Orlando's Pride this weekend will take place in the shadow of a national tragedy and after a delay caused by a hurricane. Now the event has the distinction of being the first major Pride event following the election of Donald Trump as president. More than ever, organizers say, this Pride festival will serve as a rallying call for LGBT rights during a time when people feel under renewed threat.
"With everything that has happened in Orlando this year, we are eager to see not just the LGBTQ community but also straight allies will come out in support of our community," said Jeff Prystajko, director of marketing and communications for Orlando Come Out With Pride.
The event takes on special meaning as Orlando still reels with the continued aftermath of the shooting at Pulse. A Fort Pierce, Fla., man went into the gay club June 12 and launched the deadliest mass shooting in modern history, with the gunman and 49 others killed. The city of Orlando this week announced it had negotiated an agreement to buy the gay nightclub and install a permanent memorial there.
Sara Grossman, communications director for the Dru Project, says the loss suffered serves as a dark reminder that many still seek to do physical harm to LGBT people, making Orlando Pride vital. "Pride means exactly what it's supposed to mean this year," she said, "that we should continue to be proud and continue to show our faces in our community and move forward."
The Dru Project launched after the shooting in memory of Drew Leinonen, a 13-year friend of Grossman since both attended the University of Central Florida. Leinonen had started a gay-straight alliance at his high school, so the Dru Project now funds similar organizations and offers scholarships. The organization will have a presence at Pride this year.
Pulse survivors and city first responders will serve as grand marshals at the parade and have waited some time to do so. The Pride parade originally was scheduled in the Friendly City for October 8, but the threat of Hurricane Matthew made it impossible to move ahead. Instead, the event got rescheduled to November 12, this Saturday. A launch party was held Thursday at the Verandah, and Lake Eola Park on Saturday will host events all day.
Now Pride will be held the same day as Orlando's Veterans Day parade and festivities. The new date was arranged with the help of the city, Prystajko said.
The logistics of planning an event in three weeks that originally was months in the making have proven challenging. The Taste of Pride foodie event will have a smaller number of chefs than originally planned, but prices have been dropped to $95 to make the event accessible to more people. As for entertainment, many of the actors originally expected in October couldn't reschedule, but singer Brian Justin Crum, who recently appeared on America's Got Talent, will still attend the Saturday festivities. And Katya from RuPaul's Drag Race All Stars announced she will attend. Queer as Folk cast members Michelle Clunie and Scott Lowell will reunite at the event. Singer and LGBT ally Alexx Mack has joined the roster, and Broadway stars Max von Essen, Max Crumm, and Darius de Haas will also be there. Comedian Alec Mapa, truTV star Scott Nevins, and trans celebrity Jazz Jennings will make appearances, as will as a number of other out entertainers.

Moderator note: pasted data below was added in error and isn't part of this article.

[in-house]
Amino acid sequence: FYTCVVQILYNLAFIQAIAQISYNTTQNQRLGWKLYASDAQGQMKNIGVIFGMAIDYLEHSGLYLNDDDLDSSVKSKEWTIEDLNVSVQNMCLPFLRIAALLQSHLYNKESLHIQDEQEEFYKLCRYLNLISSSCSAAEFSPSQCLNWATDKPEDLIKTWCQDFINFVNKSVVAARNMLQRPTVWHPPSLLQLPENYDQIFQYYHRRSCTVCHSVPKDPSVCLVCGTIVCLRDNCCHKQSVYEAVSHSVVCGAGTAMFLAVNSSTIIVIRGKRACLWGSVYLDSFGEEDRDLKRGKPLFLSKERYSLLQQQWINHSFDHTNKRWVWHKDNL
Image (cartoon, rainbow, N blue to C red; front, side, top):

Of course, the event also comes in the wake of a stinging defeat in the 2016 election for LGBT causes. In addition to Trump's election as president, Sen. Marco Rubio won reelection in Florida.
Christopher Hansen, one of the heroes from Pulse, attended the Out 100 event in New York before flying home for the Orlando Pride event before Saturday. The heroes of Pulse were named today as this year's People of the Year by The Advocate. Hansen says Pride marks a chance for LGBT people to stand for their cause in peaceful assembly. "We are going to continue to show our strength and our pride and our love for each other," he said. "We will not have riots in the street and be crazy and chaotic, and if this election was the other way around it may have been that way."
But this year, the Orlando LGBT community has been through worse than disappointing election returns and still soldiers on. "Many people may feel even more lost now, disappointed and looking for answers," Prystajko noted. "We hope that by coming together as a community, we can unite and rally to protect everything we've fought so hard to achieve."